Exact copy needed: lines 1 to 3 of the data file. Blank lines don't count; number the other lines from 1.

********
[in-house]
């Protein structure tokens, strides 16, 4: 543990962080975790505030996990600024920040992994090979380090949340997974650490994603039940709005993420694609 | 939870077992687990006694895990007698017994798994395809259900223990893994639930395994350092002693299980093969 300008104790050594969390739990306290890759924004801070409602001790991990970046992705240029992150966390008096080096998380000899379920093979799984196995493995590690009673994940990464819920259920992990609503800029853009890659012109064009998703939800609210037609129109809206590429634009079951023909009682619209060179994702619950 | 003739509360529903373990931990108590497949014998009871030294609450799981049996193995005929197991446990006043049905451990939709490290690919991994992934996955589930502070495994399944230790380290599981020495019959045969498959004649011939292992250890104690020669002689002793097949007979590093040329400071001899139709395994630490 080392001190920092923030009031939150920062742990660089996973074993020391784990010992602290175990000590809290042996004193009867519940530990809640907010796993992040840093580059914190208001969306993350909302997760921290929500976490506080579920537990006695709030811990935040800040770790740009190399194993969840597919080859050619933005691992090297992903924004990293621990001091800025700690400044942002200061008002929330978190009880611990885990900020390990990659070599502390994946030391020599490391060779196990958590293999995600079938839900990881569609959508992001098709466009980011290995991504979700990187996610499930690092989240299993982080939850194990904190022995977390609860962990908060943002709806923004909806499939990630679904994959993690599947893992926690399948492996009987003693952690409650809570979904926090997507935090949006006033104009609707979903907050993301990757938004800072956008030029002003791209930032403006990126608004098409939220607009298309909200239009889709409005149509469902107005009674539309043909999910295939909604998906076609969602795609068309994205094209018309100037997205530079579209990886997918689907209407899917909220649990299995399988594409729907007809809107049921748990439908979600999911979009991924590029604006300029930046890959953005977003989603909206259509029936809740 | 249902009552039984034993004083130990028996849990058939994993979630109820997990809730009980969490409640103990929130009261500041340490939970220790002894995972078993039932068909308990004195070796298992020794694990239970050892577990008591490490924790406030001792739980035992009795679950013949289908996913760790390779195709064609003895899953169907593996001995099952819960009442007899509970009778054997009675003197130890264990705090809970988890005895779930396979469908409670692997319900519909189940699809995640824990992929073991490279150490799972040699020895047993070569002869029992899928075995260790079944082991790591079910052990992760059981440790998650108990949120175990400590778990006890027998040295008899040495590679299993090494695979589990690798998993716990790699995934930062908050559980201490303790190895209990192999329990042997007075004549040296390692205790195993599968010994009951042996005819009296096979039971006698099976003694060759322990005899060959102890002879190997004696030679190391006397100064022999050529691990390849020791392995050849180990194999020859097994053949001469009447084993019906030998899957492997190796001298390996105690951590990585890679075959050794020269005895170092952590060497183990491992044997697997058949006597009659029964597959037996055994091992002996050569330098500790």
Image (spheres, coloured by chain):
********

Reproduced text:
[in-house]
């Protein structure tokens, strides 16, 4: 543990962080975790505030996990600024920040992994090979380090949340997974650490994603039940709005993420694609 | 939870077992687990006694895990007698017994798994395809259900223990893994639930395994350092002693299980093969 300008104790050594969390739990306290890759924004801070409602001790991990970046992705240029992150966390008096080096998380000899379920093979799984196995493995590690009673994940990464819920259920992990609503800029853009890659012109064009998703939800609210037609129109809206590429634009079951023909009682619209060179994702619950 | 003739509360529903373990931990108590497949014998009871030294609450799981049996193995005929197991446990006043049905451990939709490290690919991994992934996955589930502070495994399944230790380290599981020495019959045969498959004649011939292992250890104690020669002689002793097949007979590093040329400071001899139709395994630490 080392001190920092923030009031939150920062742990660089996973074993020391784990010992602290175990000590809290042996004193009867519940530990809640907010796993992040840093580059914190208001969306993350909302997760921290929500976490506080579920537990006695709030811990935040800040770790740009190399194993969840597919080859050619933005691992090297992903924004990293621990001091800025700690400044942002200061008002929330978190009880611990885990900020390990990659070599502390994946030391020599490391060779196990958590293999995600079938839900990881569609959508992001098709466009980011290995991504979700990187996610499930690092989240299993982080939850194990904190022995977390609860962990908060943002709806923004909806499939990630679904994959993690599947893992926690399948492996009987003693952690409650809570979904926090997507935090949006006033104009609707979903907050993301990757938004800072956008030029002003791209930032403006990126608004098409939220607009298309909200239009889709409005149509469902107005009674539309043909999910295939909604998906076609969602795609068309994205094209018309100037997205530079579209990886997918689907209407899917909220649990299995399988594409729907007809809107049921748990439908979600999911979009991924590029604006300029930046890959953005977003989603909206259509029936809740 | 249902009552039984034993004083130990028996849990058939994993979630109820997990809730009980969490409640103990929130009261500041340490939970220790002894995972078993039932068909308990004195070796298992020794694990239970050892577990008591490490924790406030001792739980035992009795679950013949289908996913760790390779195709064609003895899953169907593996001995099952819960009442007899509970009778054997009675003197130890264990705090809970988890005895779930396979469908409670692997319900519909189940699809995640824990992929073991490279150490799972040699020895047993070569002869029992899928075995260790079944082991790591079910052990992760059981440790998650108990949120175990400590778990006890027998040295008899040495590679299993090494695979589990690798998993716990790699995934930062908050559980201490303790190895209990192999329990042997007075004549040296390692205790195993599968010994009951042996005819009296096979039971006698099976003694060759322990005899060959102890002879190997004696030679190391006397100064022999050529691990390849020791392995050849180990194999020859097994053949001469009447084993019906030998899957492997190796001298390996105690951590990585890679075959050794020269005895170092952590060497183990491992044997697997058949006597009659029964597959037996055994091992002996050569330098500790």
Image (spheres, coloured by chain):